By Dan Cirucci
Posted with permission from The Dan Cirucci Blog
It occurred to me while reading Bob Spitz’s great, new, exhaustive biography Reagan, An American Journey.
Again and again I was struck by the similarities.
Now, don’t laugh about what I’m gonna tell you next. I’m talking about the similarities between Ronald Reagan and Donald Trump.
Are you still with me? I hope so. Because the parallels are real and stunning.
Yes, Reagan came from a humbler background than Trump and didn’t have the advantages that Trump may have had. And Reagan didn’t attend private school and an ivy league university. And Reagan was from a small midwestern town while Trump grew up in New York City. But the similarities in their respective journeys far outweigh the differences.
To begin with, both Ronald Reagan and Donald Trump were greatly influenced by loving mothers — strong, determined women who nurtured them, encouraged them and attempted to pass on solid values and moral guideposts. And both women proved to be devoted spouses as well.
Also, both Reagan and Trump witnessed first hand the scourge of alcoholism in their own families — Reagan with his father and Trump with his brother. They came to understand that alcoholism was a disease. It had such a profound effect on them that both avoided drink as they grew into adulthood.
Neither Reagan nor Trump were stellar students in college nor were they known to be voracious readers.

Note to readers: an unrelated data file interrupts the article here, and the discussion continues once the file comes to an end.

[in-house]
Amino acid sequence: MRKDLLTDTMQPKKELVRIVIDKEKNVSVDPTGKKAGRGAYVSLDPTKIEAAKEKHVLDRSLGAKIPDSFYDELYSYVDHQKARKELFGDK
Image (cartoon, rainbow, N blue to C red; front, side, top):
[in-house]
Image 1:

But both remained guided by their instinct, experience and basic, pragmatic ways of dealing with people and situations. They also learned quickly to keep their own counsel and not show their cards to the other players at the table.
Both Ronald Reagan and Donald Trump proved to be daring. In their own respective ways, each took chances to get ahead. They weren’t afraid of risk. And both had successful careers in other fields before they entered politics. Reagan was a hugely accomplished broadcaster, Hollywood star and union leader before he threw his hat into the political ring. Trump succeeded as a builder, entrepreneur and TV star before that historic ride down the escalator at Trump Tower in 2016. It’s also interesting to note that both had achieved unquestioned fame well before they sought public office. Neither man needed to be president.
Both were already household names well before they sought office and both learned early on how to live a life in the public spotlight.
Both Reagan and Trump married more than once, both raised children from different wives and both succeeded in building blended families.
Both men proved to be remarkably adept at mastering new media — Reagan with radio and television; Trump with the internet and social media. And both proved to be natural communicators.
Also, Ronald Reagan and Donald Trump were/are savvy salespersons. Either man could sell almost anything, and often did. Reagan’s name was associated with some of America’s most trusted brands and Trump is a master brander in his own right. They learned a lot from their dads who were both salespersons themselves.